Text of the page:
Have you ever woken up one morning to discover an abscess that would grow to the size of a baseball in your armpit? I have. I have HS or Hidradenitis Suppurativa, and so does up to 4% of the population. That’s 230 million people, and yet no one is talking about it. Well, I will. Jackson Gillies, an 18-year-old student at SBCC. His life took a significant turn when he won Santa Barbara’s Teen Star USA crown in 2016. He has performed at the Concert to End Gun Violence Across America with Kenny Loggins and opened for Jim Messina.
Four years ago Jackson developed the first sign of another disease. After a few misdiagnoses, his condition was pegged as Hidradenitis Suppurativa, an autoinflammatory disease that causes painful skin abscesses. HS afflicts as many as 4% of the population (potentially 30 million people), yet is rarely discussed or studied. HS can be physically, psychologically, and socially debilitating, the lesions affecting the most sensitive parts of the body, places where there is skin to skin contact.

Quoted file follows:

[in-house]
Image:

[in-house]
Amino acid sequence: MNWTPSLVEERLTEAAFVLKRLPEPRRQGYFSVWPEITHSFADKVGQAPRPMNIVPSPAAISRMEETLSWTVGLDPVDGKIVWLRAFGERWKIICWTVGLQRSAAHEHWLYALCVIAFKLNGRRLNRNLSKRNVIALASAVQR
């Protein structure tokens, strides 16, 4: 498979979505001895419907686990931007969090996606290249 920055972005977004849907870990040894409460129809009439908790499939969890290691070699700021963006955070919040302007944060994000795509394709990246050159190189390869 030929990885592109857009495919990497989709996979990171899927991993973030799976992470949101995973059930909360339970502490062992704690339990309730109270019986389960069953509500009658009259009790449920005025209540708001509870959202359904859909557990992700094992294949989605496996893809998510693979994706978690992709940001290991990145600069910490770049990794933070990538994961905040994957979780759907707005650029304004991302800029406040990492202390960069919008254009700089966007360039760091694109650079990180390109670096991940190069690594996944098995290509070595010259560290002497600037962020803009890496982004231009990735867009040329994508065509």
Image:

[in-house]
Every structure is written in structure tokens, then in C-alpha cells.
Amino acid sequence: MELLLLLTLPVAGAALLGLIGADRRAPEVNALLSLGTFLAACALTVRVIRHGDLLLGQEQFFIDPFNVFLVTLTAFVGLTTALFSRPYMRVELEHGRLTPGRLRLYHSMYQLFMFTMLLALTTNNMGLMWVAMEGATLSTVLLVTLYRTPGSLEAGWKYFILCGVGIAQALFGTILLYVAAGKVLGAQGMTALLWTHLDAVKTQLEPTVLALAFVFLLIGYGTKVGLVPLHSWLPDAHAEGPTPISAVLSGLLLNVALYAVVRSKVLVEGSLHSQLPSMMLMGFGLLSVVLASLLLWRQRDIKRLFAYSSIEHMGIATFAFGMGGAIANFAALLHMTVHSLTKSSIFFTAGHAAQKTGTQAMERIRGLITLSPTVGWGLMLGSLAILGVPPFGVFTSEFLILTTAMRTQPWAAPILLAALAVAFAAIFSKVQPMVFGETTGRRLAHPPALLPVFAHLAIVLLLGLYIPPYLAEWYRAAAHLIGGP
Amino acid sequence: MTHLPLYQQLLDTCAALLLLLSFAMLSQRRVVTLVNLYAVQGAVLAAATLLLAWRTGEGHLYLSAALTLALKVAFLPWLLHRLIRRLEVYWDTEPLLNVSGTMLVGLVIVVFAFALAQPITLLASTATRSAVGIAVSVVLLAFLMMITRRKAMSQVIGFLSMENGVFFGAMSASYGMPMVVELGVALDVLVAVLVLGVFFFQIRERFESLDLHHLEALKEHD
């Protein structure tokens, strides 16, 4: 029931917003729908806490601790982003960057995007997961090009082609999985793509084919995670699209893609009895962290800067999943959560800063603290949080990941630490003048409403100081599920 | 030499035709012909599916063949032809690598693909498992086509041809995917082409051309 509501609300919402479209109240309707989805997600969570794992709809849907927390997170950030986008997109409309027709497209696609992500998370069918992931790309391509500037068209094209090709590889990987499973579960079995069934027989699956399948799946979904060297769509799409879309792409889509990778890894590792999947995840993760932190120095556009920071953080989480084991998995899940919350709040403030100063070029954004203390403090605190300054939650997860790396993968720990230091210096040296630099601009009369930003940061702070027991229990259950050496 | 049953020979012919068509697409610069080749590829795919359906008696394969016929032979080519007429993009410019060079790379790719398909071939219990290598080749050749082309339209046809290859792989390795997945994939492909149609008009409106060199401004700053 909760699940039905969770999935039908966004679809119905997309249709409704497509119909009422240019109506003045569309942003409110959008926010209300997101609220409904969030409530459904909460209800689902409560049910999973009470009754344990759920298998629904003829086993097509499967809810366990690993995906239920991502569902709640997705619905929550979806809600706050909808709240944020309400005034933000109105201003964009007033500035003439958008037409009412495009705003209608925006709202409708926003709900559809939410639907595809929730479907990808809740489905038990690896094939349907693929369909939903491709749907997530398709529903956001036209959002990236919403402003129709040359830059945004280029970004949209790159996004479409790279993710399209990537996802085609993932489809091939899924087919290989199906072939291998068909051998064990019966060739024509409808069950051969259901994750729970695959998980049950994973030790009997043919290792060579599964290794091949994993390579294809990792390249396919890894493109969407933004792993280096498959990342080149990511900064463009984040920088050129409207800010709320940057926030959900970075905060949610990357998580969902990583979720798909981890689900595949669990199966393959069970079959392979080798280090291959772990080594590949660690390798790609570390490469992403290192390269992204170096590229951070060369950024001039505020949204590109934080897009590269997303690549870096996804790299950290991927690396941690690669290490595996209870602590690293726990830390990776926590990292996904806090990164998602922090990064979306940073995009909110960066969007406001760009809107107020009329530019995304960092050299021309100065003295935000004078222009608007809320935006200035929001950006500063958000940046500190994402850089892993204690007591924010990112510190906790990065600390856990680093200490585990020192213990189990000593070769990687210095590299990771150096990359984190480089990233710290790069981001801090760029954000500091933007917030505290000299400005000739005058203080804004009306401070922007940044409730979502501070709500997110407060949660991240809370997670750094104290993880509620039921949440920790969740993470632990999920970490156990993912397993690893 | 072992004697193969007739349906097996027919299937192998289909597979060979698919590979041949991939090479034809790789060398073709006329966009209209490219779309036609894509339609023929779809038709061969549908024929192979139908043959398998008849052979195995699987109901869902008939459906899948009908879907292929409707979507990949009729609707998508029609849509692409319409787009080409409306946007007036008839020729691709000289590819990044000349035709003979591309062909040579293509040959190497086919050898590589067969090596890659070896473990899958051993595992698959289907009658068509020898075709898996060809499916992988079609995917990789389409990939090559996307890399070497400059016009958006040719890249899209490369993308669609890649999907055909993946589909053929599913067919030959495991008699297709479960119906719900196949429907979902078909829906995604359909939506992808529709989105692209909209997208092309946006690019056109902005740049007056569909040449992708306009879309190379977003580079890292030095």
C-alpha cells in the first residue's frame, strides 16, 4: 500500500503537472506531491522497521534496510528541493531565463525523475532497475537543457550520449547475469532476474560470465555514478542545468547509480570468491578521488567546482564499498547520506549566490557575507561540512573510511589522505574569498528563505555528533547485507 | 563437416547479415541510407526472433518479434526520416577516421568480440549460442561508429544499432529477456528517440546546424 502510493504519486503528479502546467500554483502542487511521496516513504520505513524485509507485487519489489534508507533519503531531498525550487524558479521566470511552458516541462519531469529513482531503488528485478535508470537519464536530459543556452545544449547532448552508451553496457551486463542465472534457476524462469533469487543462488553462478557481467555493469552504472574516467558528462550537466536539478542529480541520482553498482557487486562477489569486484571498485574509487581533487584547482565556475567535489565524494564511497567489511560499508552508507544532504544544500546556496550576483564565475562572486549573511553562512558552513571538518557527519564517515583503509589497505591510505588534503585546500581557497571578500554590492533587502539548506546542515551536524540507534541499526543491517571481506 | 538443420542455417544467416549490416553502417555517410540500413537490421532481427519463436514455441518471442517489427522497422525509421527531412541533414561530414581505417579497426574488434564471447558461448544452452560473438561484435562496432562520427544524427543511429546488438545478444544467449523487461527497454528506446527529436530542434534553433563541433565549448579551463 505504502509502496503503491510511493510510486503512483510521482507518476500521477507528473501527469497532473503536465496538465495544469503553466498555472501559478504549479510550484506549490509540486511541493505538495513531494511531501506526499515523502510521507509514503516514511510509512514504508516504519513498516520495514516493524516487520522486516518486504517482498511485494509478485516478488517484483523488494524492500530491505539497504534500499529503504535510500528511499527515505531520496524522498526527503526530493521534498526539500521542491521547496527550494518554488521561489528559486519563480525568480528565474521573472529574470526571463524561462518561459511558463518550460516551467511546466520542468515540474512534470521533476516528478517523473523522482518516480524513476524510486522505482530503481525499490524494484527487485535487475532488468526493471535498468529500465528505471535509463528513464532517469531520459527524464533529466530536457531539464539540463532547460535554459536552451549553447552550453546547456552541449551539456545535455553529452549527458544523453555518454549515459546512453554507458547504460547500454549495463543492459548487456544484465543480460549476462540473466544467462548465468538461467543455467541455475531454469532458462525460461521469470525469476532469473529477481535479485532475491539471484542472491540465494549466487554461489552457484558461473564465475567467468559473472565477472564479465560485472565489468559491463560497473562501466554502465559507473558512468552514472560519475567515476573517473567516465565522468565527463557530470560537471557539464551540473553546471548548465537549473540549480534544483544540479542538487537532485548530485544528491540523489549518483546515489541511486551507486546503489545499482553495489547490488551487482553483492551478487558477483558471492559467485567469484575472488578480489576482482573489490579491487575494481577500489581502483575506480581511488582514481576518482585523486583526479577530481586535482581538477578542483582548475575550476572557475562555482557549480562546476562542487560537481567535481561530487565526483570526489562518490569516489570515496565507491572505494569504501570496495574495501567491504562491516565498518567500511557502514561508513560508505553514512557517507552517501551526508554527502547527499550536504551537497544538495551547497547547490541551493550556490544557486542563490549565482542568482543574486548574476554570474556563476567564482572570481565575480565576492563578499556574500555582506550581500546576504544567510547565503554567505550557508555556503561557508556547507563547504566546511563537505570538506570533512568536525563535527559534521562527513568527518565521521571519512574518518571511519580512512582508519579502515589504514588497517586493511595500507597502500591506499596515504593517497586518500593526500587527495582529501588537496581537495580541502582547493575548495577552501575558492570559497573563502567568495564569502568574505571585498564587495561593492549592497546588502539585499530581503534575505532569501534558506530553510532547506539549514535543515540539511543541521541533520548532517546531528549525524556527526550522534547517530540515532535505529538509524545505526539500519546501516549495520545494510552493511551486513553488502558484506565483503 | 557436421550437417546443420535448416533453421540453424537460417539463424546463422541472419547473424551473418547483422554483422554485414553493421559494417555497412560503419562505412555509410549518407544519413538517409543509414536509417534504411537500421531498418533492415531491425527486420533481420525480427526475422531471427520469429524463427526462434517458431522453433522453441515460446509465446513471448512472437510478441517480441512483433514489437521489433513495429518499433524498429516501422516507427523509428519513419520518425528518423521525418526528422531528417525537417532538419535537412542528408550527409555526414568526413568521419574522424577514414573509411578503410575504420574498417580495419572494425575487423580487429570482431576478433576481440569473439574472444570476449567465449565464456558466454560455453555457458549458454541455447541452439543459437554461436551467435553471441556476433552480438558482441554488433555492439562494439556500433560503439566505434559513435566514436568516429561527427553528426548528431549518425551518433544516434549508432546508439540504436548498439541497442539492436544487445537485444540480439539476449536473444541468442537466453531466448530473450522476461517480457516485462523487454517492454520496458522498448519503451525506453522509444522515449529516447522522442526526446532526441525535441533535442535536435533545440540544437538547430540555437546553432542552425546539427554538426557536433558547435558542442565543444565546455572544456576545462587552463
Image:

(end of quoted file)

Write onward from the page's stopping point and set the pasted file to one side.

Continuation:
Despite all this, and after five surgeries, Jackson conceived, produced, and starred in the “Something That Matters Concert” to raise awareness about Hidradenitis Suppurativa. He was the first performer to step into the light about the disease